Sorry all images uploaded in a hurry as I am trying to catch the ferry to Tulaghi...
The island of Savo, north West of Honiara is reputed for not having much of an anchorage so wasn’t worth taking KUNA there. As Guadalcanal’s weather coast, Savo presents a very steep coastline but the south western side shelves gently between 5 and 10 m, providing enough shelter to consider anchoring on calm days (and nights, attending the boat closely). The ground is sand, gravel and small coral bommies so the holding wouldn’t be very good but conditions are better than described in the cruising guides!!
Now, to this volcano business. Unlike other active volcanic islands such as Nupani (800m, in the Temotu province), Savo is not very high (400 m only) and, a very young island, eroded in steep ravines. So far, nothing much to different to any other island until one sticks their feet in the creeks that lead to the so called “crater” hidden in amongst the rainforest: warm water is flowing down the sides of the island and as one goes up the valley, soon enough, vapour clouds burst out of waterfalls of boiling water. A slip into the creek means a second degree burn now! As I hang on to those thin tree roots on a narrow slippery passage overhanging a boiling pool, I imagine the Risk Assessment Form to be filled in at the BBC, for example, to go filming a volcano! Apparently a guy slipped there and did a lot of damage. Lets enjoy the OH&S freedom of the Solomon Islands, where one can still be responsible for their own actions!!!
After the 3 km walk up the creek, the volcano confirms itself to be the antithesis of the typical volcano anyone would picture in their head: no crater, no lake, no lava, no smoke: just a few bare hills eroded by the rains, yet of a distinctive yellow colour due to the sulphur crystals forming in the surface. The track is very ill defined and the ground collapses under foot, and is very well above boiling water temperature, as I discovered by accidentely sticking my finger in it. The guide actually had placed an egg and a raw fish in it to demonstrate the cooking process!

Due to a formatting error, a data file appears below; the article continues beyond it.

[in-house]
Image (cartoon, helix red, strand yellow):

This guide is lighting matches above some holes in the ground...
...to make the volcano smoke!!!! This is a bit a peanut vocano but nevertheless a tourist attraction!!!
Megapodes and volcanoes:
The purpose of the shoot is to demonstrate how a species of bird, the megapode makes use of the heat generated by the volcano to incubate its eggs (the name sounds cool, but really, it is not far from being a black chicken that knows how to fly!). The megapodes dig a deep hole (up to 1.5-2 m?) in the ground to lay their egg, which they bury by carefully covering it back so the surface looks undisturbed. They then leave it to the elements to do the work: the heat contained in the ground brings the chick to hatching stage, a chick which will not see its parents when it makes its own way to the surface!
On Savo, the megapodes lay their eggs in sand fields just behind the beach. It is very unlikely that the eggs laid there benefit from volcanic heat to incubate, though some people believe that some underground hot water streams travel under the megapode fields. So the solar radiation in the black sand probably is enough. On other islands, the birds definitely use volcanic heat as much as humans use it to cook their eggs!
Megapodes coming early morning: it's too dark and this shot is blurred ...
The eggs of the megapode are quite large, and quite sought after by the communities so generation after generation, the megapodes, returning to the same egg laying site, have been exploited by the villagers nearby. Megapodes come every morning to lay their eggs at dawn and every morning, as the church bell call the prayers (7 am), men rush into the field, once the birds have gone, and dig the sand to collect the eggs. It’s a men’s job and each family has an allocated plot delimited by coconut fences. The scene leaves me wondering if it is sustainable: it looks like megapodes keep coming back but how many chicks get a chance to escape that fate?
megapode field after the harvest: holes everywhere for the birds to use the next morning
Anyhow, some of the eggs are sold to the humble Savo island “resort” and I enjoyed them for breakfast!